XIMENES, EDWARD TREVINO
XIMENES, EDWARD TREVIÑO (1915–1992). Edward Treviño Ximenes, physician and civic leader, son of Joe and Herlinda (Treviño) Ximenes, was born in Floresville, Texas, on September 25, 1915. He received his early education at Lodi School and Floresville School. He graduated from high school as salutatorian and received a scholarship to the Schreiner Institute in Kerrville. After attending the Schreiner Institute he entered the University of Texas and received his bachelor's degree in 1937. He was admitted to the University of Texas Medical Branch at Galveston, where he received his medical degree in 1941. His internship took place in Omaha, Nebraska. In 1942 Ximenes entered the Army Air Corps and was assigned to the China-Burma-India theater as a captain and flight surgeon, and he later received the Air Medal with the oak-leaf cluster. After his discharge from the Air Corps Ximenes moved to San Antonio, where he practiced internal medicine for more than forty years. Governor John B. Connally, who was also from Floresville, was a friend and former schoolmate of Ximenes. In 1967 Governor Connally appointed Ximenes to the University of Texas Board of Regents. He became the first Hispanic appointed to that position. A street on the campus of the University of Texas at San Antonio is named in his honor for his efforts to establish that institution. While a member of the Board of Regents, he was also instrumental in establishing scholarships at UTSA to help young Mexican Americans enter the field of medicine. Governor Connally also appointed him to the State Commission on Aging, and President Lyndon B. Johnson appointed him to the National Advisory Board for the Administration on Aging. Ximenes was a member of the Bexar County Medical Association, the American Medical Association, the Economic Opportunity Development Corporation of Bexar County, the Model Cities Participation Commission, and the Alamo Area Council of the Health Coordination Committee. He was also a member of the Catholic Church. He married Lucrecia Cano from Galveston in 1941; they had four daughters. The marriage ultimately ended in divorce, and on February 26, 1988, he married Graciela Whitt Garza. He lived in San Antonio until his death on April 27, 1992. He was buried with full military honors at Fort Sam Houston National Cemetery in San Antonio.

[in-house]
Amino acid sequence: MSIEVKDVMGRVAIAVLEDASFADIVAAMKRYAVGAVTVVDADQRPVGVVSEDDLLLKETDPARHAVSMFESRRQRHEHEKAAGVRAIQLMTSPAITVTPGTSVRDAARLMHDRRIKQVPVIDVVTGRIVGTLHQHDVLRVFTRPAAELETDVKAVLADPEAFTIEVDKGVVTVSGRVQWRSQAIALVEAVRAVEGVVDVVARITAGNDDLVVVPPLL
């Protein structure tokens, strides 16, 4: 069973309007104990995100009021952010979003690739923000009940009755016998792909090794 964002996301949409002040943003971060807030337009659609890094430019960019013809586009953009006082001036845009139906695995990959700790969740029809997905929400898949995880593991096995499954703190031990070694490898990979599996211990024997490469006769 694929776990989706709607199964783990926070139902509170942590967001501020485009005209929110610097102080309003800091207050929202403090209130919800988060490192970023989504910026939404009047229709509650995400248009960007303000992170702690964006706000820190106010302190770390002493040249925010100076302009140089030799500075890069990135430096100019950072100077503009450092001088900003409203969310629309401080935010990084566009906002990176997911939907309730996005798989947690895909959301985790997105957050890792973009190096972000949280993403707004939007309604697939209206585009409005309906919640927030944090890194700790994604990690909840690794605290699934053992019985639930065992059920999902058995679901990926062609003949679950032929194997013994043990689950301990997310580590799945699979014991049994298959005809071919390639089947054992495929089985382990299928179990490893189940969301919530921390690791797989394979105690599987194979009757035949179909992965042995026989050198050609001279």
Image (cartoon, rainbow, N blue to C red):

San Antonio Express, November 19, 1967. San Antonio Light, April 30, 1992.
Image Use Disclaimer
All copyrighted materials included within the Handbook of Texas Online are in accordance with Title 17 U.S.C. Section 107 related to Copyright and “Fair Use” for Non-Profit educational institutions, which permits the Texas State Historical Association (TSHA), to utilize copyrighted materials to further scholarship, education, and inform the public. The TSHA makes every effort to conform to the principles of fair use and to comply with copyright law.
For more information go to: http://www.law.cornell.edu/uscode/17/107.shtml
If you wish to use copyrighted material from this site for purposes of your own that go beyond fair use, you must obtain permission from the copyright owner.
The following, adapted from the Chicago Manual of Style, 15th edition, is the preferred citation for this article.Hercilia X. Toscano, "XIMENES, EDWARD TREVINO," Handbook of Texas Online (http://www.tshaonline.org/handbook/online/articles/fxipu), accessed February 11, 2016. Uploaded on June 15, 2010. Published by the Texas State Historical Association.
Get Texas history everyday,
with day by day
Each day's email tells a little bit more of the story of Texas and links to our collection of more than 27,000 articles